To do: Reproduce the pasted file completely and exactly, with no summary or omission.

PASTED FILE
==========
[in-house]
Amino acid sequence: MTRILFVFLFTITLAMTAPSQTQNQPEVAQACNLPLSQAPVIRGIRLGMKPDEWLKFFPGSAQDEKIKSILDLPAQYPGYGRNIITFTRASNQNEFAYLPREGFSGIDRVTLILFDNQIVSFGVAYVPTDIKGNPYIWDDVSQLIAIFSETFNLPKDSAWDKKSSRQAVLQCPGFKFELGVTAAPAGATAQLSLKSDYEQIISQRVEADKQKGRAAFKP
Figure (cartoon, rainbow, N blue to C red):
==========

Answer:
[in-house]
Amino acid sequence: MTRILFVFLFTITLAMTAPSQTQNQPEVAQACNLPLSQAPVIRGIRLGMKPDEWLKFFPGSAQDEKIKSILDLPAQYPGYGRNIITFTRASNQNEFAYLPREGFSGIDRVTLILFDNQIVSFGVAYVPTDIKGNPYIWDDVSQLIAIFSETFNLPKDSAWDKKSSRQAVLQCPGFKFELGVTAAPAGATAQLSLKSDYEQIISQRVEADKQKGRAAFKP
Figure (cartoon, rainbow, N blue to C red):